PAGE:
16 thoughts on “CALL OF (Parental) DUTY: Part III This Is Your Brain On Video Games

  1. Jenny Stohl Powell

    I thought I’d add a recent article to your research from the Star Tribune (12/26/12). Apparently young gamers can match (or exceed) the skills of medical residents in robotic surgery. See http://www.startribune.com/lifestyle/184842241.html My husband and step-son are avid Xbox gamers and enjoy playing Call of Duty: Black Ops. When my step-son was younger we did limit his video game time and balanced it with writing (we had him keep a journal). I have yet to see any negative consequences of their video gaming. My husband and son are both smart, well-grounded men and haven’t developed any aggressive, violent tendencies. Although I admit that we probably talk more than normal families about the zombie apocalypse! I think that their shared love of gaming (including video, board, and role-playing games) has given them a strong connection. How many teenagers still like to hang out with their parents?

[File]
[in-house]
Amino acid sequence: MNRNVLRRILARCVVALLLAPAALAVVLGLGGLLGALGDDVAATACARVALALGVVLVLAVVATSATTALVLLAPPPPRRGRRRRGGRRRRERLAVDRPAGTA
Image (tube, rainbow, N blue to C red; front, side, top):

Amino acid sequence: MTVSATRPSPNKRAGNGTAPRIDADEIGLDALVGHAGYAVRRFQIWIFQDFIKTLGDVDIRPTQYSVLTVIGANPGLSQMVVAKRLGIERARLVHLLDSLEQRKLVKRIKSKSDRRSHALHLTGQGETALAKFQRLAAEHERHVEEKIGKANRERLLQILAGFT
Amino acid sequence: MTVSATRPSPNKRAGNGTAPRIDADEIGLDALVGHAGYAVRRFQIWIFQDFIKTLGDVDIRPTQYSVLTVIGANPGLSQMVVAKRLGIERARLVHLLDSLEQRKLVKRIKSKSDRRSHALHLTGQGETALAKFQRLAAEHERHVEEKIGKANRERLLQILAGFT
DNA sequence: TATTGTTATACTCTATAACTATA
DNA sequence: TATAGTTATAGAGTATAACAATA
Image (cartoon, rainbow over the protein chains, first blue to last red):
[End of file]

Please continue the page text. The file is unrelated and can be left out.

1. Thanks for your comment, Jenny! Yes, I can see your point. My husband has sometimes played Age of Empires with Sevrin and it was fun for both of them. It’s helpful to hear how other families are handling gaming. Thank you!


    2. Before my comment – I have to write some feedback – I had to sign-up to wordpress before being able to comment on this site! Seems I had to make a site too! Is there another way to contact you? I didn’t see it.
      I didn’t want to sign up to yet another thing (wordpress) and it was only because there was no other way for me to write / contact you that I did that. Bad process (perhaps deliberate by companies?)